'More must be done': NGOs respond to EU environment proposals for Czechia

The European Commission has this week recommended EU countries to slash greenhouse gas emissions by 90 percent before 2040 – many say this will be hard.

Expats.cz Staff ČTK

Written by Expats.cz StaffČTK Published on 07.02.2024 11:40:00 (updated on 07.02.2024) Reading time: 2 minutes

Following the European Commission (EC)-led recent recommendation for EU countries to cut greenhouse gas emissions by 90 percent before 2040, Czech environmental organizations have urged the country to ramp up its efforts in becoming greener. 

Weaning off fossil fuels

Environmentalists see the EU’s advice as an opportunity for Czechia to achieve energy security faster, while also addressing its reliance on fossil fuels – environmental organizations say that Czechia is overdependent on the fuels.

The 90 percent emissions reduction is a general, Europe-wide goal, with each country having its own target. Czechia's current stance is more realistic, aiming for a 75 to 80 percent reduction.

“We must also not neglect our previous goals for 2030, increasing our target for renewables to at least 33 percent," noted Jiří Koželouh from the Czech branch of the Friends of the Earth non-governmental organization. Renewables comprise only 18 percent of the country's total energy consumption.

According to the Calla environmental organization, Czechia must prioritize phasing out fossil fuels and meeting its energy needs more aggressively through renewable sources. Edvard Sequens, the association’s energy consultant, criticized the government's current focus on building nuclear reactors.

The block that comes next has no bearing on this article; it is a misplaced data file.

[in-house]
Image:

As the state revises its strategic documents to define its climate policy for the coming years, Kateřina Kolouchová from the Facts on Climate portal questions if Czechia will be ambitious enough to contribute to keeping global warming below 1.5 degrees compared to pre-industrial levels.

The Czech Center for Transport and Energy welcomes the proposed goal as the most effective way to ensure Europe's energy security and independence from fossil fuel imports. "Our data shows that the benefits of rapid emission reductions for Europe outweigh the costs, and delaying climate action will only make the transformation more expensive," said analyst Štěpán Vizi.

Not going far enough?

However, Greenpeace Czech Republic's climate campaign manager Miriam Macurová believes the EC’s goals are still too low. "To truly achieve the EU's goals, we must end coal, oil, and gas extraction and burning. The proposed goal relies on questionable carbon capture and storage technology, rather than aiming for zero emissions," said Macurová.


When asked for their opinions, Czech members of European Parliament (MEPs) showed divided views on the EC's recommendation. Stanislav Polčák and other Czech MEPs from the right-leaning European Parliament’s People's Party see the new goal as ambitious and achievable. 

However, MEPs such as Alexandr Vondra (part of the Conservatives and Reformists group) and Ondřej Knotek (from the Alliance of Liberals and Democrats for Europe party) criticize the recommendation.

Czech environmental organizations see the EC's proposal as an opportunity for the country to address its dependence on fossil fuels and achieve energy security. However, opinions are divided on the recommended goal of reducing emissions by 90 percent by 2040, with a section of people believing it is achievable, some saying it is unrealistic, and others thinking it is not ambitious enough. 

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